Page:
S. Korea, U.S. hold biannual defense talks
SEOUL-- South Korea's decision to terminate a military information-sharing deal with Japan and the envisioned transfer of wartime operational control (OPCON) are likely among the key agenda items of the ongoing biannual defense talks between Seoul and Washington, officials said Thursday.
The allies opened the 16th Korea-U.S. Integrated Defense Dialogue (KIDD), set to run until Friday, in Seoul earlier in the day at a time when they face sensitive bilateral issues as well as security challenges posed by North Korea.
"The two sides are to discuss the overall security issues of the two countries, including cooperation for denuclearization of the Korean Peninsula and the establishment of a lasting peace, the conditions-based transition of the wartime operational control (OPCON) and ways to deepen the future alliance," the ministry said in a release.
Deputy Defense Minister Chung Suk-hwan represents South Korea, and Heino Klinck, Deputy Assistant Secretary of Defense for East Asia, leads the U.S. delegation, according to the ministry.
During the meeting, the allies are expected to assess the security situation on the Korean Peninsula amid North Korea's launches of short-range projectiles, including ballistic missiles, in succession in recent months. Pyongyang carried out 10 rounds of major weapons tests so far this year, with the latest one taking place earlier this month.
Also on the table during the meeting could be the results of their first round of negotiations on a fresh Special Measures Agreement (SMA) that will determine how much Seoul should pay to station the 28,500 American troops in the country.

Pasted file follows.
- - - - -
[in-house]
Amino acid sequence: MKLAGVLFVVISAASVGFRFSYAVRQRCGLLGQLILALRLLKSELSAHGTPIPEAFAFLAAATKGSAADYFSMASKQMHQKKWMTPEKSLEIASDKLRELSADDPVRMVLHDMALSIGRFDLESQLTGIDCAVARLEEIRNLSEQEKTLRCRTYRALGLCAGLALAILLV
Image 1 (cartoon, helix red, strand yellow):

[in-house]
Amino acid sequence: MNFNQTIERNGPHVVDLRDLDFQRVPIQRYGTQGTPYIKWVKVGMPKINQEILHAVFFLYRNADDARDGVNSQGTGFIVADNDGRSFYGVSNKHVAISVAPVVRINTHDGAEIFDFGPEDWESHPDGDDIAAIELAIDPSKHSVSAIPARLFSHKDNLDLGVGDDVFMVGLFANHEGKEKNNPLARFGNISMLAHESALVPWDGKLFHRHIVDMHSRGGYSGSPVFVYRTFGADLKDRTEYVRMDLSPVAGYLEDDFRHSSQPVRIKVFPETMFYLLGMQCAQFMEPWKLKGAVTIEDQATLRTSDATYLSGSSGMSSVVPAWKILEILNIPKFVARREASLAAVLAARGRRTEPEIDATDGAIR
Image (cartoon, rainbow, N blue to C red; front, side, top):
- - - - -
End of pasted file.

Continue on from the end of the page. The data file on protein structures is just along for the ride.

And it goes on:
Following their two-day negotiations that ended on Wednesday, Seoul and Washington agreed to work toward a "reasonable and fair" sharing of costs. The next round of the talks will be held in the U.S. in October, with the current deal to expire at the end of this year.
The allies are also expected to discuss the General Security of Military Information Agreement (GSOMIA) between South Korea and Tokyo, which Seoul last month announced it would end after Japan imposed export curbs on the South in apparent retaliation against the top court's rulings on wartime forced labor.
Expressing disappointment, Washington has called on South Korea to withdraw the decision, as the pact was seen as a rare platform to promote trilateral security cooperation.
The Seoul government has said it could reconsider the decision if Japan retracts the export curbs.
The allies could also discuss the role and authority of the U.S.-led United Nations Command (UNC) after the envisioned OPCON transfer, according to observers.
The UNC's future role has emerged as a key alliance issue recently, as the two sides have shown differences amid speculation that the U.S. could be trying to expand and strengthen the UNC in an attempt to keep control of the South Korea-U.S. Combined Forces Command (CFC) even after the OPCON transfer.
The return of U.S. military base sites in South Korea could also be an agenda item, as the presidential office Cheong Wa Dae last month said it will seek the prompt return of 26 American military bases to its control. U.S. Forces Korea later said that some of the bases have already been vacated and that it remains committed to returning installations as expeditiously as possible.
Launched in 2011, KIDD is a comprehensive defense meeting between the allies that integrates a set of consultative mechanisms, such as the Extended Deterrence Policy Committee and the Security Policy Initiative.
Source: Yonhap News Agency